Savage testified in his defense. He stated that he found his clothing outside of the apartment when he returned home from work on the evening of the fire. Bridges and the children were not at home. Although he and Bridges had had a misunderstanding the previous evening, they had not argued that day, so Savage did not expect to find his belongings outside when he returned from work. Savage brought his things back inside, smoked a cigarette, two marijuana cigarettes, and began drinking a fifth of Canadian Club while he waited for Bridges to return to discuss their situation. After Savage finished the fifth of liquor and shaved, he passed out. According to Savage, he awoke to the smell of smoke and discovered the fire in the living room. He tried to put the fire out, but did not call the fire department, although there were three telephones in the apartment. Savage stated that during his attempts to extinguish the fire, he went outside for air, which is when he saw his neighbor, Boyd.
Savage testified that he did not call the fire department because Boyd told him that he would call. Savage also said, “If I could put out the fire, the Fire Department wouldn't have been called or anything, and I could say, hey, the place caught on fire, and I put out the fire․ I was just going to tell [Bridges] that, that I didn't have to call no Fire Department or anything, that the place caught on fire, and I just put it out.” But, when Savage could not extinguish the fire, he panicked and went to call Swint. According to Savage, he told Swint, “I'm fucked up[,]” rather than “I fucked up.” Savage further testified that he lost all of his possessions in the fire, he did not receive any insurance money as a result of the fire, and he did not benefit from the fire. Finally, Savage told the jury that he had no knowledge of how gasoline got into the apartment, and that he did not deliberately set the fire.
Savage argues on appeal that this evidence was not sufficient to support his conviction of first-degree arson because it was wholly circumstantial and did not exclude every reasonable hypothesis save that of his guilt. “To warrant a conviction on circumstantial evidence, the proved facts shall not only be consistent with the hypothesis of guilt, but shall exclude every other reasonable hypothesis save that of the guilt of the accused.” OCGA § 24-4-6. Nevertheless, “ ‘[a]lthough the circumstantial evidence must exclude every other reasonable hypothesis save (defendant's) guilt, it need not exclude every inference or hypothesis. (Cit.)’ ” (Emphasis supplied.) Harris v. State, 223 Ga.App. 661, 663, 478 S.E.2d 458 (1996). “ ‘[I]f the evidence meets this test, circumstantial evidence is as probative as direct evidence. Whether this burden has been met is a question for the jury. When the jury is authorized to find the evidence, though circumstantial, was sufficient to exclude every reasonable hypothesis except the defendant's guilt, the verdict will not be disturbed unless the verdict is insupportable as a matter of law.’ [Cit.]” Id. at 661-662, 478 S.E.2d 458.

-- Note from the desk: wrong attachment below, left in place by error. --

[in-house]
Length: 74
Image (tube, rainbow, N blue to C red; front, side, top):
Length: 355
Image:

The facts in this case exclude every other reasonable hypothesis. Nobody other than the defendant was present when the fire began. The State presented uncontroverted evidence that there were pour patterns containing gasoline found on the carpet in the three separate areas which were heavily damaged by fire. In addition, the fire captain who investigated the fire testified that the fire was intentionally set. These facts exclude the reasonable hypotheses that someone else started the fire or that the fire began accidentally. Thus, based on this record, we conclude that there was ample evidence from which any rational trier of fact could have found beyond a reasonable doubt that Savage committed first-degree arson.
BIRDSONG, P.J., and ELDRIDGE, J., concur.